It's a shame how sometimes it takes tragedy to bring a family closer together, but a recent death gave me a rare opportunity for some father-daughter bonding with my dad.
Our coffee maker died.
One day it was happily churning out what I like to think of as "black gold", the next day its internal hoses experienced some sort of ebola-like melt down, leaving a tarry black sludge on the counter top.
Now, my dad was the one who taught me to like coffee. Any coffee. Any time.
He gave me my first cup of it over breakfast in a burger place. I was a little young but think I was eating solid foods at that point, though I do have some hazy recollection of drinking a mashed up sausage biscuit through the lid of a sippy cup.
"Alex," he told me that day, "there is one thing you will need to succeed in the corporate world."
"An M.B.A.?" I asked.
"A good golf swing?"
"A cute intern and a solid alibi?"
"No, my daughter, the only thing you will need is the ability to drink a bad cup of coffee. For there will be many of them."
A while back, Barnes & Nobles reprinted "The Art of War" by Sun Tzu, due to a fad among executroids who felt that a few phrases like "Warfare is the Tao of deception," and "If wherever the army attacks it is like a whetstone thrown against an egg, it is due to the vacuous and substantial," could take the place of good customer service or a decent business strategy.
Dad never really bought into that, but he did have a bizarre sort of "business feng shui" revolving around coffee. "To grow accustomed to cream and sugar is to present weakness," he would tell me. "You spend all that time just to achieve the right balance, then someone warms up your cup and your chi is totally disrupted. And what if they're out of non-dairy creamer or only have Splenda?"
"Sun Tzu says if you rely on seizing provisions from the enemy, then your foodstuffs will be sufficient." I pointed out.
"Ah, but Sun Tzu also says, 'It is necessary for a general to be tranquil and obscure, upright and self-disciplined'. You cannot achieve this if you are constantly whining for more sugar and fiddling with your creamer cups at the conference table. Learn to drink your coffee black, grasshopper, and to drink old coffee without wincing. In this manner, you will know victory."
The lesson stuck. I learned to drink gourmet coffee, cheap coffee, fresh coffee, burned coffee. When John taught me to drink it iced, I even mastered the art of drinking coffee of any temperature, from piping hot to tepid.
So when the coffee maker broke, my husband missed his morning cup, but I didn't. "This isn't too bad," I commented, scraping that sludgy coffee-and-rubber residue from underneath the appliance and tasting it.
"What, are you freebasing the stuff now? I don't want to find you hanging around outside Starbucks with a spoon and a lighter."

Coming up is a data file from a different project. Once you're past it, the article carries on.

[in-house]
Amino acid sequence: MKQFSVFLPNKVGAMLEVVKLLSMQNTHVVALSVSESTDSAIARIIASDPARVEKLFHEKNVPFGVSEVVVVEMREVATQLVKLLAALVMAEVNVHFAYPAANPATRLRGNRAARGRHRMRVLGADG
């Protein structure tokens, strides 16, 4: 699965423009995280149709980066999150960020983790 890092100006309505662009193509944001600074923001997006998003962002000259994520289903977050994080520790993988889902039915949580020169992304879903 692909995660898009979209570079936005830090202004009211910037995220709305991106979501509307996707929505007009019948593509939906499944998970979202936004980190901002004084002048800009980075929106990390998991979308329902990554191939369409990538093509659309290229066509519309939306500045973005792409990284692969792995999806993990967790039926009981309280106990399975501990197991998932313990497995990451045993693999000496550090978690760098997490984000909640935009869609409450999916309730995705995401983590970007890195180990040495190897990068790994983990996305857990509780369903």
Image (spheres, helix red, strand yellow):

"Oo. Do you think that would really work?"
"I am going," he changed the subject with a glower, "to the store to get a new coffee maker." I have no standards when it comes to actual coffee, so you would think that I'd be content with whatever coffee maker he brought home. Apparently, that's not the case.
By the third day, we knew that we were going to have to separate from the new coffee maker due to irreconcilable differences. "I thought you said you wouldn't smoke the hard stuff anymore," John accused as I came into the kitchen.
"Baby, I'm only drinking it iced, I swear."
"Then what's this?" He pointed at a hot, tarry substance on the bottom of the new coffee pot.
"You didn't get a coffee maker with an automatic off?"
"I guess we need to," he sighed.
Meanwhile, I was filling the pot with water from the sink and swirling it around. Mmm. Instant.
It was only my father who shared my excitement in the search for a good coffee maker. "I want a thermal carafe, Dad," I said as we searched the internet together for my dream coffeemaker. "That way the coffee won't taste burnt if it's more than a day old."
"Look at this one. Stainless steel, thermal carafe, heated reservoir. And it goes from zero to ten cups in under three minutes. Look at that craftsmanship!"
"Look at that price. I'm not spending $150 on a coffee maker."
"But this model would last forever. You could give it to Lillian as a graduation present."
"For that price, I could buy a cheap coffee maker every year and let her make a Homecoming float out of them."
But when we finally found one that satisfied my finicky requirements, Dad was right there with me to try it out. We oooh'd and aaah'd over the features, made snarky comments over potential weak points in design, then gleefully brewed a batch, comparing notes over how the coffee tasted fresh, two hours, and then even four hours later.
"Addicts," my husband shook his head. "Don't look at Mommy and Grandpa, Lillian. It's not a pretty sight."
"Coffee," my father replied sagely, "is the greatest affair of state, the basis of life and death, the Tao to survival or extinction. It must be thoroughly pondered and analyzed."
My dad is still a genius.
Comments and old batches of coffee to Alex.Queen@gmail.com.
This article first appeared in the November 6, 2004 issue of the Manteca (Calif.) Bulletin.